At present, the US’s individual services have their own version of MDO with two shortcomings: First, the services (army, air force, navy, marines and space force) need to interact with one another usually by voice calls and data transfer, which is an archaic way of communication. And second, software networks which link various systems or nodes are inflexible with industrial age architecture which can be destroyed by the PLA’s system destruction warfare, leaving commanders blind. General Milley has proposed a ‘joint warfighting concept’ – Joint MDO – whereby all services would be networked, bringing information into single MDO operating centres for all three services. Thus, instead of fighting wars as army, air force, navy, marines, and space forces, the US military would fight wars as a nation with allies and partners in INDOPACOM. The underlining idea of ‘joint warfighting concept’ would be to make data/information from all war domains available to every participant including allies and partners into their MDO operating centres.
What India needs to ask itself
However, all this leads to critical questions. Would India be a part of the bigger US MDO for INDOPACOM? Or would it seek US help in setting up its own MDO operating centres? If yes, what purpose would they serve considering the Indian military understands warfare only in physical domains with the army as the lead service. Endorsing the MDO concept would require, in the least, the Indian Army to shift away from the outdated concept of massed territorial profile of defence and offense. More importantly, are the Indian military and the NSA/CDS working on different warfighting concepts, totally removed from one another? What about the much-publicised military reforms announced by the CDS?
The problem does not end here. Worried about the PLA’s intelligent, autonomous, and thinking software networks with AI inserted into them, the US military, in 2017, had asked its Defence Advanced Research Projects Agency (DARPA) to improve technology and warfighting concepts to match the PLA’s AI enabled intelligenised warfare. The latter is a total break from the mechanised, network centric, and MDO concepts of the past and the present. In this new warfare, which is referred to as mosaic or algorithmic warfare by DARPA, technology would not support humans, but replace them. It would become algorithmic war – one algorithm fighting with the algorithm of the opposing side. This software driven war would have intelligent networks, intelligent internet, intelligent military internet of things, and intelligent weapons. This would be a reality soon.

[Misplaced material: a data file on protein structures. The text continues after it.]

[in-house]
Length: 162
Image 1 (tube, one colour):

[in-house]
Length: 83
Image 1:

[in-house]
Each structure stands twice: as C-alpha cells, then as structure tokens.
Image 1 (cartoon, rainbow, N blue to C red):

Once that comes about, the evolving US Joint MDO concept would need to make major changes in doctrines, concept of operations, and force structuring. The big change would be the removal of most MDO operating centres since most machines would communicate directly with machines within the US military and perhaps with the machines of allies and partners. To the numerous sceptics in India, frozen in military thinking, Intelligentised war, according to China would be a reality by 2027, much quicker against India, perhaps by 2024.
India’s limitations are real
The Indian military is far removed from intelligentised warfighting. This was evident from General Naravane’s assertion, made twice in the VIF webinar, that while the character of war changes constantly, the nature of war does not change. ‘Nature of war’ refers to defining the war, which is violence and bloodshed, and ‘character of war’ is how it would be fought, and refers to technology and war fighting concepts. With technology replacing human soldiers in combat, there would be little bloodshed and violence. This would, for the first time in global war history, change the nature of war. This should give an idea of where warfare is headed, and once India hitches on to the US military bandwagon there would be no coming back.
India lacks capability, capacity, indigenous military-industrial complex, and above all military intellect to understand the deep hole we might get into by accepting any of US secretary Lloyd’s proposals for cooperation in combat. Surely, India would not want to get into an avoidable war with China when the possibilities of crafting a smart strategy for peace in the region exist.
Pravin Sawhney is editor, FORCE news magazine. He is writing a book on artificial intelligence enabled future warfare